“What is it, Dani?” Farran asked. “You seem more and more uptight coming here.” 

Angie’s gaze was upon me, too. 

I told them about the recurring dream—content to call it a dream anyway—though I wasn’t sure. 

Angie’s eyes were wider than I’d ever seen them. She seemed at a loss for words. 

“Let me ask you,” Farran said. “Do you feel right with God?” 

What a loaded question that was. I didn’t feel right, period. God was another matter. My trust in Him, my faith, had been strong. At least, I’d thought so. Did I feel that He’d betrayed me, or that I’d betrayed Him? I couldn’t say. There was this guilt, this shame, this feeling that I didn’t deserve anything good—not anymore anyway. 

“Because it’s in the Bible,” she went on. “Demons can prey on you and try to influence you if you’re not firm in your faith. They do the devil’s bidding, and they can possess you.” 

“Stop it!” Angie said. “Just stop.” 

“Well she’s into the occult, and so is her mother, from what she’s told us.” 

“My aunt Grace is a really good person,” Angie told her. “So is Dani. God would protect them. Dani’s just having bad dreams. They’re upsetting to her, and you’re judging. That’s not right.” 

“I was trying to help,” Farran replied, “but forget it.” 

Angie asked Farran for a cigarette now, and it seemed to surprise Farran as much as it did me. “Just this once,” Angie promised. “I have an urge.” 

Farran handed her the cigarette and lit it for her. “You all right?” 

“Not really,” Angie replied. “I’m keyed up, and I felt dizzy before.” 

I offered to take a walk with her. 

“Sure, if you want.” She took a drag of the cigarette and coughed. 

Farran glanced at me and then shifted her gaze to Angie. “I’ll be inside if you need me. Don’t be too long, or I’ll have to come looking for you.” 

The moment the Cove door closed behind her, Tommy pulled up in a blue Ford truck. He came to greet us and asked who was around. He mentioned something about Lynx members avoiding this place. 

“Yeah, it’s been a while since I’ve seen Valentin,” I said.“Three weeks maybe?” 

“He’s been busy,” Tommy replied. 

“Aw, I do miss him.” The words seemed to leave my lips without any thought “Tell him he’s breaking my heart.” 

I felt the weight of Tommy’s gaze. “You seriously want me to tell him that? I’m not responsible for how he takes it if I do.”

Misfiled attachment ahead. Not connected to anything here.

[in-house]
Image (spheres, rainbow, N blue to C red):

“How would he take it?” I smiled. “We’re friends. Ask him. He helped me get a good deal on my car. I helped him with Katharine.” 

“Not sure that’s a good thing, about Katharine,” he said. “Nobody should help him with Katharine. So you drove here?” 

“Yes.” I felt empowered by that, not needing anyone to take me where I needed to go or bring me back home. It was a reason to stay sober, as well. “When Farran starts working on campus, we’re going to take turns. She’ll be able to use her mom’s car again.” 

He nodded. “Where is she?” 

“Inside,” Angie told him, now biting her nails. 

“All right, catch you guys later.” He went into the bar. 

I turned to Angie, wringing my hands. “Why did I say that? Now he probably thinks I want to be a notch on Valentin’s belt. I was kidding around. I mean, I do miss him, but … I just hope Tommy doesn’t say anything.” 

“This is Tommy we’re talking about,” Angie reminded me. “If he thinks anything needs saying, you can count on him to say it. It’s not like it was said in confidence or anything.” 

“Then I hope Valentin doesn’t take it the wrong way. We really did become friends, not intentionally. It just happened.” 

“Do you feel guilty?” 

“Yeah.” 

“Why, Dani? You like him. He likes you.” 

“And it’s innocent.” 

“Even it wasn’t, who could blame you?” 

“Um, Katharine?” 

“He’s trying to get out of that relationship.” 

“I still feel bad, though. She loves him, and, don’t forget, Farran loves him.” 

“Okay,” she said. “Well, I love Nico. Every time we come here, I’m hoping to run into him. I feel guilty for having these feelings because Shannon loves him so much, and I can’t blame her. I’m not one for dirty tricks and coming between people, but no one has a right to stake any claim to Valentin right now. I love Farran, but she wouldn’t think twice if the situation were reversed. I just want you to be happy, and we should want each other to be happy. Life is short, you know?” It was the most she had said in a long time. 

I gave her a tight hug. 

“Dani, I remember,” she said then, hugging back. When she let go, she looked away. “It took a while, but I remember it all.” 

“You mean what happened with Sergio and Phil?” 

“Yes.” She looked down. “I’m sorry I didn’t believe you, and for all the trouble I caused.” 

“You didn’t cause any trouble,” I said. “We can still talk about it.” 

“I’m not ready to do that yet, but eventually, yeah.” 

“Angie, look at me.” 

She did. 

“Promise me we’ll talk about it. Promise me you will talk about anything that’s bothering you any time you need or want to.” 

She blushed, smiling. “I will. I promise.” 

Deadly Veils Book One: Shattering Truths was originally published as Deadly Veils: Book One: Provenance of Bondage copyright © October 2015 by Kyrian Lyndon. The revised edition, Deadly Veils: Book One: Shattering Truths was published in December 2016. Cover design by KH Koehler Design.